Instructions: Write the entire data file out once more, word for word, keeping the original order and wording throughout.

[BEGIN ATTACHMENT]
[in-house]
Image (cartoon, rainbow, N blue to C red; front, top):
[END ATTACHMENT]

[in-house]
Image (cartoon, rainbow, N blue to C red; front, top):